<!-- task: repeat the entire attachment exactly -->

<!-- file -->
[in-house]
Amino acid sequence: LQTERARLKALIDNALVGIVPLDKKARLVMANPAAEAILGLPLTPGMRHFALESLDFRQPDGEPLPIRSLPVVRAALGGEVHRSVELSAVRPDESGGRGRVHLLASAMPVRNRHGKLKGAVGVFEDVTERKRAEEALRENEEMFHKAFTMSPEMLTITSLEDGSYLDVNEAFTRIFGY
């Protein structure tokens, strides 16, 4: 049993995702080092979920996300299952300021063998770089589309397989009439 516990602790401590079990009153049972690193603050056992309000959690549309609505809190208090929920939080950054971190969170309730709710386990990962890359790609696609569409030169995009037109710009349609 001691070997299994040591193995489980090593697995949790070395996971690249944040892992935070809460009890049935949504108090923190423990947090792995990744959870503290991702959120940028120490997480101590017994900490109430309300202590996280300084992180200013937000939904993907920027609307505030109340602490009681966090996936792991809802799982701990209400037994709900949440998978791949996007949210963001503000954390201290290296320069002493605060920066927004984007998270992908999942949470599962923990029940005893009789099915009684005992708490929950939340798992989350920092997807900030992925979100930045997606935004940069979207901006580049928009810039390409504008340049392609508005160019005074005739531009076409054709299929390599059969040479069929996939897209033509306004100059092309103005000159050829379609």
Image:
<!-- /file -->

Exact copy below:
[in-house]
Amino acid sequence: LQTERARLKALIDNALVGIVPLDKKARLVMANPAAEAILGLPLTPGMRHFALESLDFRQPDGEPLPIRSLPVVRAALGGEVHRSVELSAVRPDESGGRGRVHLLASAMPVRNRHGKLKGAVGVFEDVTERKRAEEALRENEEMFHKAFTMSPEMLTITSLEDGSYLDVNEAFTRIFGY
């Protein structure tokens, strides 16, 4: 049993995702080092979920996300299952300021063998770089589309397989009439 516990602790401590079990009153049972690193603050056992309000959690549309609505809190208090929920939080950054971190969170309730709710386990990962890359790609696609569409030169995009037109710009349609 001691070997299994040591193995489980090593697995949790070395996971690249944040892992935070809460009890049935949504108090923190423990947090792995990744959870503290991702959120940028120490997480101590017994900490109430309300202590996280300084992180200013937000939904993907920027609307505030109340602490009681966090996936792991809802799982701990209400037994709900949440998978791949996007949210963001503000954390201290290296320069002493605060920066927004984007998270992908999942949470599962923990029940005893009789099915009684005992708490929950939340798992989350920092997807900030992925979100930045997606935004940069979207901006580049928009810039390409504008340049392609508005160019005074005739531009076409054709299929390599059969040479069929996939897209033509306004100059092309103005000159050829379609």
Image: